Just say no to an over-programmed summer
Acting camp. Dance classes. Violin lessons. Swimming. Tennis team. Basketball league. Even French language tutorials. Does this sound like your kids’ summer plans? Admittedly, it’s hard to turn down all of the exciting opportunities that are available for kids these days. Whether you fall victim to the “I didn’t have this, so my kid should” school of thought or are simply terrified that your Susie will fall behind if she doesn’t sign up for cheerleading camp, it’s difficult to resist the temptation of over-scheduling our kids. Add in some anxiety over the fact that summer is two or three months long and you’ve got an epidemic of overcommitted and free-time starved kids.
Studies have shown that unstructured, creative play is crucial for optimal child development. Play is so important to optimal child development that it has even been recognized by the United Nations High Commission for Human Rights as a right of every child. Unfortunately, many children are being raised in an increasingly hurried and pressured style by well-intentioned parents that may limit the protective benefits they would gain from child-driven play. This year, take back your children’s summer vacation, force yourself to be a little less structured, and figure out how to schedule in an adequate amount of free play.
Here are a few ways ideas to help you get started.
1. Remind Yourself Why You Are Doing This.
You are going to find yourself questioned by many, including that nosy neighbor who puts her kids in everything. It is therefore critical to have your answers ready when you get pinned down. Remind yourself that your kids are given an advantage by allowing their creativity to flow and their brains to roam, rather than being hemmed in by a 9-5 type schedule. If you are in need of extra reinforcement on this front, go online and google “free play and child development” and read the clinical report on the importance of play. Another great resource we encourage you to peruse is the blog www.FreeRangeKids.com.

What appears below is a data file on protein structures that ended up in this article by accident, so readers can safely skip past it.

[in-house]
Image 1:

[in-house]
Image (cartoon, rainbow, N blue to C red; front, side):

2. Pick Your Favorites.
Sit down with your kids and explain to them why you are intentionally scaling back the summer. Have them determine their one or two favorite activities or programs/camps and then move full steam ahead on those and leave everything else behind. They’ll feel empowered by the selection process and will understand why you feel it’s important to leave room for free time.
3. Plan Some Play Time.
This may seem like an oxymoron (you’re asking me to plan spontaneity?) but it can be helpful to avoid the inevitable “What should I do now” line of questioning. If you’re stuck, one evening after dinner, gather the whole family and have a big, old-fashioned brainstorming. Gin up ideas for rainy days, ideas for hot hot hot days, weekdays and weekends. Jot them down on post-it-notes and stick them to the side of the fridge or a wall in the family room or play room. Then, if a child ever complains of boredom, point them in the direction of the fun wall.